whether the treatment reduces fractures.

The Food and Drug Administration has approved hormone 
 therapy to prevent osteoporosis, but not to treat it.

 Wenger said doctors had long assumed that hormone replacement 
 would help older women who suffered from urinary incontinence. 
"But now two trials show no improvement, and there may be a 
worsening," she said.

"So many of the earlier presumptions, as they come to trial, do not 
 show evidence of benefit," Wenger said.

 Dr. Deborah Grady, a professor of epidemiology and medicine at 
 the University of California San Francisco, said, "A decade ago I 
 thought preventive hormone therapy should probably be prescribed to most    postmenopausal women, except those at high risk for breast cancer."

 As lead author of the 1992 guidelines on hormone replacement for 
 the American College of Physicians, she incorporated that view 
 into the guidelines.

 But now, she says, "there have been major changes in the way we 
 use hormone therapy."

 Today, Grady said, "rather than prescribing it for most 
 postmenopausal women, I prescribe it for symptoms, for which it 
 is far and away the best treatment."

In many women, she said, hot flashes diminish after three to 
  six months even without treatment, though they may not go 
  away entirely for four to five years. So she tries to taper 
  women off the drugs and stop every year or two to see if they 
  can get by without them. Then, for women who have not had 
  fractures or other serious risk factors for osteoporosis, she 
  recommends a bone density test at age 65. Those at risk for 
  fractures can then take medication, she said. 

  "So I spend a lot of my life now trying to figure out how to help 
  women taper off estrogen," she said. Many can do it gradually, 
  though a few have severe problems with hot flashes and 
  decide to keep taking the drugs, she said.  


CLEVELAND (April 22, 2002) – A recent article published in the New York Times (Thursday, April 18, 2002) that previews an unpublished report by an international panel has generated widespread media attention for its conclusions questioning the effectiveness of hormone therapy in postmenopausal women for preventing heart disease, Alzheimer’s disease, osteoporotic fractures, depression, and urinary incontinence. To address the concerns expressed by women and healthcare providers, The North American Menopause Society (NAMS) is issuing this response.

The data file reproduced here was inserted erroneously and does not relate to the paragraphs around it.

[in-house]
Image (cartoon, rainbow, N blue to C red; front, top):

“NAMS has not yet had an opportunity to review the final report, which will be published in June by the National Heart, Lung, and Blood institute,” said Wulf H. Utian, MD, PhD, Executive Director and Honorary Founding President of NAMS. “However, it should be emphasized that this report is a compilation of previously published research mostly in elderly women with established disease, and it will present no new research in itself.”

The report, called the International Position Paper on Women’s Health and Menopause, was developed by 28 physicians and researchers from the United States, Australia, and several European countries. One chapter of the report was distributed at a symposium last month at the National Institutes of Health.

“The major issue for perimenopausal and early postmenopausal women considering hormone replacement therapy is whether such therapy will actually reduce the likelihood of development of cardiovascular disease, stroke, or Alzheimer’s disease,” said Dr. Utian. “At present, definitive answers are not available. Fortunately, several major clinical trials are underway that are attempting to provide answers to these questions. The most significant trial is the Women’s Health Initiative, being conducted under the auspices of the National Institutes of Health.” 

“At this time, NAMS does not recommend making any changes from its current recommendations, as have been reported in various NAMS publications.” 

NAMS is North America’s leading nonprofit organization dedicated to promoting women’s health through menopause and beyond through an understanding of menopause. The Society’s unique multidisciplinary membership includes 2,000-plus experts from medicine, nursing, sociology, psychology, anthropology, epidemiology, nutrition, education, and basic science — helping NAMS to be the preeminent resource on all aspects of menopause to healthcare providers and the public.